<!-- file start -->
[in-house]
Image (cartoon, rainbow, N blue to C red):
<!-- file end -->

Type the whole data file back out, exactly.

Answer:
[in-house]
Image (cartoon, rainbow, N blue to C red):